What is the object of your search? Whether at the height of success or at the lows of setbacks and possibly disappointments—can you find your “acres of diamonds”—your hope, your inner strength and joy? Can you find the good? Can you trust that the “God of the mountain is also God of the valley?” (1 King 20:28)? Can you believe that you are where you are on purpose for a purpose?
You see, I got to thinking more about my heritage while reading this book this Black History Month. I hail from a people who have experienced the highest highs and the lowest lows. I come from a people who were royalty in the villages and cities of African countries. Yet I also come from people who were captured and dragged to Elmina castle, shackled to walls, raped in bedrooms of Portuguese and British soldiers. Taken through the “door of no return” placed upon ships and sailed through the Middle passage; placed on auction blocks and sold as commodities.
I come from people who through diverse tongues and tradition, drew upon their strength, tradition and faith as people created in God’s image and resisted and prayed and fought and persisted.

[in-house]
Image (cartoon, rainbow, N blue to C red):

And I am the answer to their prayers. You are the answer to their prayers. We are the legacy for which they fought.
I come from people who celebrated the Emancipation on Jan 1, 1963 (and some on June 19, 1965)—a mountain top experience that led to enfranchisement in the country that had held them hostage. Yet I come from those same people who had their rights stripped away in Reconstruction and through years of Jim and Jane Crow and legalized segregation and discrimination.
Yet they persisted. They won rights for Black Americans and became the catalyst for other movements. They never lost sight of the object of their search — from the March on Washington to the celebration Grant Park Chicago of the first Black President of the US.
And that’s the truth for us as a people—we lived through both mountain top and valley experiences. And we must remember the object of our search. We must remember our purpose as a people. Each of us must draw upon our spiritual, cultural, communal and internal strengths.
I believe that is why Mr. and Mrs. Thurman’s reflection stayed with me. We at times live on both mountains and in valleys, and what makes the difference for me, and for you, is what we seek. For what we seek will affect what we see and experience. If we seek to continue the struggle for justice, inclusion and love, to serve the greater good, to become better humans, to reflect the divine calling we’ve been given, we will find the “acres of diamonds” that reveal purpose and bring joy right where we are.
For what we seek will affect what we see and experience.
Your perspective, your faith, will help you see the majesty of the mountain as well as the value of the valley. The sun rises on the mountain as well as in the valley.